Do you fully understand your car insurance policy? Would you be covered in the event of an accident? In Part I of our two part series, we began our look at some vital facts all drivers should be aware of concerning their car insurance. In Part II, we continue our list with the hopes that after reading, you will re-examine your insurance policy to make sure it protects you and your family.
- Drivers you live with are not covered—this is an important caveat that many insurance holders are not aware of, and can come at significant costs. If you loan your vehicle to a relative or friend and they are in an accident, your insurance will generally cover the collision just as it would if you were the driver. However, if you loan that same vehicle to a relative or friend who resides in your household but is not included on the insurance policy, your insurance will not cover damages or injuries that arise in an accident involving that driver. You must declare anyone living with you to the insurance company and either elect to add them to the policy or exclude them, and not allow them to drive the vehicle. This policy exists to prevent safe drivers from essentially obtaining car insurance policies for risky drivers that they live with. Accordingly, the insurance companies will only provide coverage for drivers listed on the policy and those that live outside the home and borrow the vehicle.
- Uninsured motorist coverage is extremely important—in the event you are in an accident with a motorist who lacks car insurance, uninsured motorist coverage will prove vital. Many states require automobile insurance companies to offer you uninsured motorist coverage, but providers do not tell you how high-risk your state is. Nationally, an alarming one in seven motorists lack car insurance. In Kansas, 10% of all drivers lack insurance coverage. Spare yourself the heartache of unpaid medical bills and property damage; call your insurer to make sure you have a sizable uninsured motorist policy in place.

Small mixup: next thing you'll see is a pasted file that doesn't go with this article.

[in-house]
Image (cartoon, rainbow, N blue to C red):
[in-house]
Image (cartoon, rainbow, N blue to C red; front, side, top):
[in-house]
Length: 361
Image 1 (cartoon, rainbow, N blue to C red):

- Your credit score will impact your rates—in Kansas, as in all states except Hawaii and California, your credit will be a major factor in determining your insurance rates. Better credit equates to better rates. Other variable factors include: gender, age, marital status, frequency of use of the vehicle, length of time driving, accident history, and safety features of the car, such as anti-lock brakes or airbags.
- Minimum liability varies greatly by state—states have the right to set their own minimum liability requirements, and these values can range drastically. In Kansas, drivers must carry at least $25,000 for bodily injury per person, $50,000 for total bodily injury, and $10,000 for property damage. Drivers must also carry personal injury protection and uninsured/underinsured motorist coverage. Know your states minimums and be sure to obtain at least the minimums within 15 days of establishing residency.
- You may need specialized coverage—if you have a specialized ride, such as a motorcycle, collector car, or mobile home, you will likely require a specialized insurance policy. Motorcycle policies generally have their own minimums.
Contact Kansas City Automobile Accident Attorney Michael R. Lawless Today for a Free Consultation
If you or a loved one has been involved in car accident, Michael R. Lawless is a Kansas Automobile Accident Attorney with more than 27 years of experience helping his clients receive the compensation they deserve. Car accidents can lead to serious injuries or even death. Victims can require months of time away from work and medical treatment. For the victims of car accidents, medical expenses will quickly mount and accident victims should act fast to preserve their legal rights. To schedule a free consultation to discuss your potential car accident case, contact Michael R. Lawless, PA by calling our office locally at (913) 681-5566, or you may call us toll-free at (800) 734-3771. You may also contact us online and we will respond to your inquiry as soon as possible.